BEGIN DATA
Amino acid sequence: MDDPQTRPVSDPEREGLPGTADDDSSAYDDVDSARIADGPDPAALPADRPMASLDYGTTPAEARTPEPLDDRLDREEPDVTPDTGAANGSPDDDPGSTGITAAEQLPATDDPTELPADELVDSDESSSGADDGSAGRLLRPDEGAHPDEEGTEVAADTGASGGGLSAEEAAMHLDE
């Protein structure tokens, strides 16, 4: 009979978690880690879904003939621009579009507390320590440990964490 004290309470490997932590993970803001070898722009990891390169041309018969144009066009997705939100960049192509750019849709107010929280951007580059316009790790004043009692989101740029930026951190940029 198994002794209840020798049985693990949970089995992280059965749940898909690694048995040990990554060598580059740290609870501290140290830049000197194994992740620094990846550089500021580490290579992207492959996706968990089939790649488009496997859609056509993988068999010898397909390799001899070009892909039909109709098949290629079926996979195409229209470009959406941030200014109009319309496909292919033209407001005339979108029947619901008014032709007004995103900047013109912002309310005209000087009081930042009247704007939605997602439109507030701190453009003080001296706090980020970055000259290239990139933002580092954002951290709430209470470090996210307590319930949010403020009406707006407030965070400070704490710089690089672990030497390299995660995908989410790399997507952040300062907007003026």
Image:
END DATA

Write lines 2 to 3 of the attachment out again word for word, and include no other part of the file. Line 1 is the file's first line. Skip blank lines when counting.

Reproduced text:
């Protein structure tokens, strides 16, 4: 009979978690880690879904003939621009579009507390320590440990964490 004290309470490997932590993970803001070898722009990891390169041309018969144009066009997705939100960049192509750019849709107010929280951007580059316009790790004043009692989101740029930026951190940029 198994002794209840020798049985693990949970089995992280059965749940898909690694048995040990990554060598580059740290609870501290140290830049000197194994992740620094990846550089500021580490290579992207492959996706968990089939790649488009496997859609056509993988068999010898397909390799001899070009892909039909109709098949290629079926996979195409229209470009959406941030200014109009319309496909292919033209407001005339979108029947619901008014032709007004995103900047013109912002309310005209000087009081930042009247704007939605997602439109507030701190453009003080001296706090980020970055000259290239990139933002580092954002951290709430209470470090996210307590319930949010403020009406707006407030965070400070704490710089690089672990030497390299995660995908989410790399997507952040300062907007003026």
Image: